Drink tap water, but not from plastic bottles

The Des Moines Register published an editorial on Thursday urging readers not to buy bottled water:

“Iowa’s capital city ranked best on our list of U.S. cities with the cleanest drinking water. The insurance industry center and home of the Iowa Caucus had the second-lowest level of bacteria in its drinking water” and was among the best for the lowest levels of lead,” according to the report.

As summer approaches, this is yet another reason to avoid purchasing bottled water. A better option is getting a sturdy plastic bottle and refilling it at the tap – which is probably cleaner anyway. While bottled water may sit on the shelves for ages, the Des Moines Water Works conducts performance tests several times a day, according to interim general manager Randy Beavers. Bottled water is an environmental and financial hazard. The bottles are shipped thousands of miles across the country in gas-guzzling trucks. Most aren’t recycled or reused, but end up in landfills. While it’s nothing to drop a dollar or two on a bottle of water, tap water averages a fraction of a penny per gallon.

I agree with the general point about not buying bottled water.

However, it’s a very bad idea to keep refilling plastic bottles from the tap. I used to do that before I learned that chemicals can leach from the plastic to the water:

Reused Plastic Bottles Can Leach Toxic Chemicals

The same studies found that repeated re-use of such bottles-which get dinged up through normal wear and tear and while being washed-increases the chance that chemicals will leak out of the tiny cracks and crevices that develop over time. According to the Environment California Research & Policy Center, which reviewed 130 studies on the topic, BPA has been linked to breast and uterine cancer, an increased risk of miscarriage, and decreased testosterone levels.

BPA can also wreak havoc on children’s developing systems. (Parents beware: Most baby bottles and sippy cups are made with plastics containing BPA.) Most experts agree that the amount of BPA that could leach into food and drinks through normal handling is probably very small, but there are concerns about the cumulative effect of small doses.

Even Plastic Water and Soda Bottles Should Not Be Reused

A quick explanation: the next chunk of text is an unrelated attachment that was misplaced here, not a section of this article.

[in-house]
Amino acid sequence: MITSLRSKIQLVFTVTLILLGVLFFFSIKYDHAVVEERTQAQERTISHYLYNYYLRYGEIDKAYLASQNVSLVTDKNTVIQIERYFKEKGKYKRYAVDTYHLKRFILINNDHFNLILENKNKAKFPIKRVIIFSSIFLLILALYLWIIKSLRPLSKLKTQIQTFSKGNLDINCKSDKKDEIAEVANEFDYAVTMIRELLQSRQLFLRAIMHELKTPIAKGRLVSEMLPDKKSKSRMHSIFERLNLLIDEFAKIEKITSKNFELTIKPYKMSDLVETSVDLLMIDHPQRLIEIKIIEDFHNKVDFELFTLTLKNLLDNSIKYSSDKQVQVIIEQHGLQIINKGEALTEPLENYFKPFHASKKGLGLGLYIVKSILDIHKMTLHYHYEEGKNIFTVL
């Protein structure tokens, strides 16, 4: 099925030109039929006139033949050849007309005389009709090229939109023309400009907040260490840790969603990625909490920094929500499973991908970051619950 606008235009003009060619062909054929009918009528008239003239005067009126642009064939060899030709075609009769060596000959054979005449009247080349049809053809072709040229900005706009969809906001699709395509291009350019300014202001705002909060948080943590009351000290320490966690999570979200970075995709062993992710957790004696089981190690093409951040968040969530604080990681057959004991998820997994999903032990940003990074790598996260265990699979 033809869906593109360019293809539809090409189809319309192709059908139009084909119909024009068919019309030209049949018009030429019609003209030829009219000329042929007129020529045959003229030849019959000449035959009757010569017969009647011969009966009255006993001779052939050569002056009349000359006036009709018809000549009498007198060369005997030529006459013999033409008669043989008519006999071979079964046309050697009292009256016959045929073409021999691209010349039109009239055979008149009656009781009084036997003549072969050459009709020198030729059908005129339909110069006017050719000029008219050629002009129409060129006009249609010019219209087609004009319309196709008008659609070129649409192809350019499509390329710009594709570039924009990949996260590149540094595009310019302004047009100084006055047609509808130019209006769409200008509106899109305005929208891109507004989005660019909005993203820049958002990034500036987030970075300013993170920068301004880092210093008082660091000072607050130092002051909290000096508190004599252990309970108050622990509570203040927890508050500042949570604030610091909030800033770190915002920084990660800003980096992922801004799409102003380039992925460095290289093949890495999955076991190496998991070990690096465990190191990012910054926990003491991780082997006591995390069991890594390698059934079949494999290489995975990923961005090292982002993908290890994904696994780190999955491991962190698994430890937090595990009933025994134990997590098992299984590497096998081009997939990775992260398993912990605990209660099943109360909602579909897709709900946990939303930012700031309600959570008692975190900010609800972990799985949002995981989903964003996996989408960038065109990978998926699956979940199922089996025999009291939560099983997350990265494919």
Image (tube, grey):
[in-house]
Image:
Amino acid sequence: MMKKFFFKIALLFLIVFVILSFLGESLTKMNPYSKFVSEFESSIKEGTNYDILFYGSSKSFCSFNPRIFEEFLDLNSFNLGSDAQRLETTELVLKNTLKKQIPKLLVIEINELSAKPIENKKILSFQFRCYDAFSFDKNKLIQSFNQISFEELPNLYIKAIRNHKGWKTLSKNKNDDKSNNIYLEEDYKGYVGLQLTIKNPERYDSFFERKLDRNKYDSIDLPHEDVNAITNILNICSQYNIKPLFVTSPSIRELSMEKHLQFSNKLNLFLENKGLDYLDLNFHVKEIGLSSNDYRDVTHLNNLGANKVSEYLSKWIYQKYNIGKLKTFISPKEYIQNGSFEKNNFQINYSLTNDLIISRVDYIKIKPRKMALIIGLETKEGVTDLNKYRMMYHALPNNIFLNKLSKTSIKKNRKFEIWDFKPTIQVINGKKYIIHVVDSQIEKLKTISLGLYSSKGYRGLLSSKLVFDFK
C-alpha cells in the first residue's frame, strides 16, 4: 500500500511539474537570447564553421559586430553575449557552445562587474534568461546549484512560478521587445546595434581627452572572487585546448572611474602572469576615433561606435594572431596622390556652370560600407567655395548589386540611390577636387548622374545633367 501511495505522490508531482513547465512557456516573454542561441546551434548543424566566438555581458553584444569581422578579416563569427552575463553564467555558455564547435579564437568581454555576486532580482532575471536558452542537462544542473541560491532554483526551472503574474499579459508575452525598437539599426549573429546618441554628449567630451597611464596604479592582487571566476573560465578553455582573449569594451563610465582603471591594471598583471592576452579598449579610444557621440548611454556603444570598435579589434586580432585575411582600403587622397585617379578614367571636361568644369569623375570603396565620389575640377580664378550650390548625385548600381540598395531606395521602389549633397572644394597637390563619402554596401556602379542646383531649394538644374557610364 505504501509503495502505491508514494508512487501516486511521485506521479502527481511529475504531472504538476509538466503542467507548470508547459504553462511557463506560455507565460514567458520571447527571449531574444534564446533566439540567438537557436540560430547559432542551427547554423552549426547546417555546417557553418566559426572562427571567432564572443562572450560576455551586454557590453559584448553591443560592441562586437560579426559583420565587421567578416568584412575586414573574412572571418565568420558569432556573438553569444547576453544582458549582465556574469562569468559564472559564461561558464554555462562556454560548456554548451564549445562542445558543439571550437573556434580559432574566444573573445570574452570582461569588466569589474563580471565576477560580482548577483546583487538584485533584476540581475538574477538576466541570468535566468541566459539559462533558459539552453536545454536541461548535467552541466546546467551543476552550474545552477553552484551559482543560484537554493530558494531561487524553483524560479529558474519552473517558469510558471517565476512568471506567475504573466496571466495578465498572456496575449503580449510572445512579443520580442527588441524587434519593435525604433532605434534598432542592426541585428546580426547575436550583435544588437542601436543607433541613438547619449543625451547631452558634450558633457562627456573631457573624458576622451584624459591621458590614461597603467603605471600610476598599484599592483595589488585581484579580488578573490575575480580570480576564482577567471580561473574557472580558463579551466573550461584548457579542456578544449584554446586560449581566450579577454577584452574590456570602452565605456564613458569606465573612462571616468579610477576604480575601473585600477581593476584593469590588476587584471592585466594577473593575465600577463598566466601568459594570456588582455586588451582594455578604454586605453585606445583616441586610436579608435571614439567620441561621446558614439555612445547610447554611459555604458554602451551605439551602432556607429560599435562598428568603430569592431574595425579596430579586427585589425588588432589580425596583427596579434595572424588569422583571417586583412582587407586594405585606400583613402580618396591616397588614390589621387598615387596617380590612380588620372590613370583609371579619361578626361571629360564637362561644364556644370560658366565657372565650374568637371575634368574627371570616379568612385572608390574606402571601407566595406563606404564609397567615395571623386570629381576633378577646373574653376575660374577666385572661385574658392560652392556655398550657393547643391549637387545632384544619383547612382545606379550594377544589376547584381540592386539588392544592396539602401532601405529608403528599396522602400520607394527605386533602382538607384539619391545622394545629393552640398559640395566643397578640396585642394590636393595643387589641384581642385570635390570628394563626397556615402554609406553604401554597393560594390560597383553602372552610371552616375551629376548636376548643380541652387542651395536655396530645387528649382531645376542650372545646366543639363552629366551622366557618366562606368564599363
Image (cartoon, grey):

Health advocates also recommend not reusing bottles made from plastic #1 (polyethylene terephthalate, also known as PET or PETE), including most disposable water, soda and juice bottles. According to The Green Guide, such bottles may be safe for one-time use, but re-use should be avoided because studies indicate they may leach DEHP-another probable human carcinogen-when they are in less-than-perfect condition.


Safe Reusable Bottles Do Exist

Safer choices include bottles crafted from safer HDPE (plastic #2), low-density polyethylene (LDPE, AKA plastic #4) or polypropylene (PP, or plastic #5). Aluminum bottles, such as those made by SIGG and sold in many natural food and natural product markets, and stainless steel water bottles are also safe choices and can be reused repeatedly and eventually recycled.

If you live in the Des Moines area, you can buy reusable SIGG bottles at Campbell’s (there is a coating on the inside so that the aluminum does not come into contact with what you are drinking). Otherwise, you can order SIGG bottles or other brands of safe reusable bottles at ReusableBags.com.

If you’ve got small children, I highly recommend getting non-plastic reusable sippy cups and water bottles for lunch bags. SIGG is a brand we’ve been happy with. They are not dishwasher-safe, which is a little inconvenient, but we feel better knowing that chemicals are not leaching into our children’s water.

  • I just threw out my water bottle

    If your child ever has a party a Pump It Up or goes to one, you can order a “goodie bag” and it includes a reusable water bottle. I’ve been using that water bottle that one of the kids got since about 1 1/2 years ago and tonight I just saw some news coverage on water bottles. They said especially anything with the number “7” in the recycle sign on the bottom of the bottle has bisphenol-A (assumed carcinogen), and also anything with the numbers “3” or “6.” I immediately went through my cabinets and luckily only that Pump It Up water bottle had a 3,6, or 7 (It was a 7). So immediately it was tossed in the recycle and a bisphenol-A free water bottle is on its way. Hopefully not too much had been leached in my drink…

    • thanks for that tip

      We’ve been to other kids’ parties at Pump It Up, but we never got goodie bags with plastic bottles.

      I think Canada may be banning bisphenol-A, so with any luck the manufacturers will all stop using it.

      Anyone feeding a baby with bottles (whether with breast milk or formula) needs to research this subject as well. Ideally, glass bottles are the safest, but it’s hard to find any stores that sell glass baby bottles anymore.

      • Hopefully finding glass baby bottles will be getting easier

        With all the talk of Canada on the verge of banning bisphenol-A, Wal-Mart is pulling all baby bottles with bisphenol-A off their shelves and I’m not sure if they’re also pulling water bottles with it. In any case, if there’s a single chain that can make a huge impact on the standards and possible resurgence of glass bottles, it’d be Wal-Mart.  

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